Monday, December 29, 2014

Angelina Jolie and a Ballsy Theme Help "Maleficent" Play Up

Angelina Jolie acts opposite her daughter Vivienne in Maleficent.
It would be easy to pre-judge Maleficent as just another piece of junk on the increasingly growing list of live-action cash-ins adapted from animated classics. I did that myself when the film came out, but I recently caught up with it on DVD, and while I can't say I think Maleficent entirely works, I was pleasantly surprised by how ballsy an adaptation it turned out to be.

Growing up, I always thought Sleeping Beauty, its villain especially, was dumb. The idea of the villain cursing a princess to an impending deep sleep because she was mad she didn't get invited to the girls christening just seemed lame. The creators of Maleficent seem to have realized this, as they've altered the story to make the title character's decision to curse an infant far more understandable.

Here, Maleficent (Angelina Jolie) is originally a kind fairy whose actions are motivated by revenge against the girl's father Stefan (Sharlto Copley), a former love interest who, in his power-hungry quest to ascend to the throne, drugs her and cuts off her wings to garner favor with a dying king looking to name an heir. When Princess Aurora (Vivienne Jolie-Pitt as a child, Elle Fanning as a teen) is left in the hands of three bumbling fairies, Maleficent begins to covertly care for the girl as a sort of fairy godmother, coming to regret her curse and yet seemingly powerless to stop it.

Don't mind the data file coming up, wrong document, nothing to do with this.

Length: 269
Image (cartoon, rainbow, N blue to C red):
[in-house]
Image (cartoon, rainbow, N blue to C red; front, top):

Despite this being a Disney film, the wing-cutting plays like a metaphor for rape, a fact that Jolie herself commented on in a BBC interview, saying it was a story about "how the abused then have a choice of abusing others or overcoming and remaining loving, open people."

That's some heavy stuff for a kids' movie, and while I certainly question if it’s appropriate, that aspect of the film works pretty well due to the conviction of Jolie's performance. Although this is clearly a money gig for her, Jolie brings her A-game and single-handedly elevates the movie. The woman is a phenomenal actress, and she’s more than capable of bringing nuance on cue, but there’s something about the playful wit she has on screen that registers especially well here.

Sticking with positive attributes, I did enjoy the twist the film puts on the traditional fairy tale ending, even if it was lifted straight out of Frozen. There’s also brevity to the film that definitely bodes well – Maleficent is the rare film in this genre that doesn’t overstay its welcome. However, that is sort of a double-edged sword – there’s a whole lot of telling and not much showing.

All that being said, I have one big issue with the film, and that is how severely it sucks the magic right out of this classic fairy tale. A lot of that starts with character. While Maleficent is fleshed out nicely and Aurora fairs ok (even if she’s basically a pleasant plot device), almost every other character suffers in this translation. This interpretation of Stefan is a disaster, and as much as I’ve liked him in other things, Copley doesn’t deliver here. I’m not sure how much of that is his fault – there’s no dimension to the role – but he’s far too important to the story to feel so blah.

Meanwhile, the concept of giving Maleficent’s raven sidekick occasional human form is interesting but ultimately very awkwardly handled. And then there’s the fairies – the totally tone deaf fairies. These three were a treasured part of the the Disney animated classic, but here they are an annoying afterthought.

Outside of some flourishes by Jolie, there’s just no fun to any of this, and fairy tales, especially ones marketed to kids the way this film has been, should be fun. There's still a lot to like here thematically, but Maleficent is not as fleshed out as it needs to be, and there's ultimately a sense of ambition overreaching grasp. B-